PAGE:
In contrast, many of these five animal use practices were not addressed clearly in the five veterinary associations’ positions. All of the veterinary associations either lacked positions on or were not categorically opposed to the close confinement of laying hens, pregnant sows and ‘veal’ calves, although the NZVA did recommend time limits on the use of sow gestation crates, and both the NZVA and the AVA recommended group, rather than individual, housing of ‘veal’ calves.
    The only practice to which the public and the associations appeared to share a common opposition was the cosmetic tail docking of dogs, although the AVMA did not take a firm stance against this. In the case of animal experimentation, both the general public and the veterinary profession appear to support experimentation for human medical research to some degree, although public opinion remains very critical.
  • The psychological impacts on impressionable young adults and teenagers of dissection or other harmful animal use in educational settings also provides grounds for concern.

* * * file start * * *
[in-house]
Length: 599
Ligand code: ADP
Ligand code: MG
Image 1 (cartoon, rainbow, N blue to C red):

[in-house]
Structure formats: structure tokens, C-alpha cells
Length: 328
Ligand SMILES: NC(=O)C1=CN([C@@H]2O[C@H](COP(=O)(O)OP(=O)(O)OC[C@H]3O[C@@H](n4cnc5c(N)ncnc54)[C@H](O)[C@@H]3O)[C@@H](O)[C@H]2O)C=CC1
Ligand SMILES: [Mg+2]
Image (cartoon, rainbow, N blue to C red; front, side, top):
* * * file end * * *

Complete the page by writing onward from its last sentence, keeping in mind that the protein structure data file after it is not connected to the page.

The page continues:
Rather than teaching respect for the intrinsic worth of animals' lives, the underlying message of such classes is clearly that animals may be used as disposable teaching tools, despite any verbal message to the contrary a teacher may give.
    Most at risk are those students who might naturally find the experience distressing. Studies have shown that students may suffer psychological trauma as a result of seeing themselves or others engaged in behavior they find ethically objectionable. Their cognitive abilities may become impaired, resulting in decreased learning. Some withdraw and lose interest in the sciences, and in fact those most commonly affected by such experiences are girls—yet the gender gap in the sciences is something we should be seeking to correct.
    The clear, progressive desensitization of veterinary students to animal suffering has been documented in several studies published in veterinary journals, and was a phenomenon I personally witnessed on a large scale as a direct result of dissection when I was a veterinary student.
    Refs:
    BBC News. Mar. 10th, 2000. Vets learn to be hard.
    Hellyer, P., Frederick, C., Lacy, M., Slaman, M., & Wagner, A. 1999. Attitudes of veterinary medical students, house officers, clinical faculty, and staff toward pain management in animals. Journal of the American Veterinary Medical Association. Vol. 214, No. 2, 238-244.